The Church Compromised Revelation 2:12–2:29
A new Decalogue has been adopted by the neo-Christians of our day, ‘Thou shalt not disagree,’ and a new set of Beatitudes too, ‘Blessed are they that tolerate everything, for they shall not be made accountable for anything,’” wrote A.W. Tozer. Such attitudes are not new, as Tozer indicated. Compromise has been a cancer in the church from its inception. This is evident in Christ’s letters to Pergamum and Thyatira denouncing tolerance of false teachers and heretical doctrine within the church.
PERGAMUM: THE WORLDLY CHURCH
Pergamum was the capital city of the Roman province in Asia. It was almost 60 miles from Smyrna and 15 miles from the Aegean Sea and had little commerce. The name comes from the word parchment, a type of paper. Pergamum was a center of learning, medicine, and religious books, boasting a library of 200,000 volumes. For this reason it became the home of many princes, priests, and scholars. Noted for marble carving, it excelled the other six cities named in Revelation 2–3 in architectural beauty.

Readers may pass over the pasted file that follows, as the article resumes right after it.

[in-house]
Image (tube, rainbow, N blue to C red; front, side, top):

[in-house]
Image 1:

The city also was noted for its pagan religions and many heathen temples. The great altar dedicated to the chief Greek savior-god, Zeus Olympus, was located in the city, along with an altar to Athena, patron goddess of Athens. Emperor worship was practiced in Pergamum, its first temple being erected in 29 B.C. Citizens were required to burn a pinch of incense at the foot of Caesar’s statue, honoring him as a god. Those who refused to do so were immediately arrested and imprisoned. They also worshipped Dionysus, the god of vegetation, and Aesculapius, the god of healing. A medical school was attached to this pagan cult, and the well-known symbol of the medical profession—a serpent twined around a staff—was their insignia.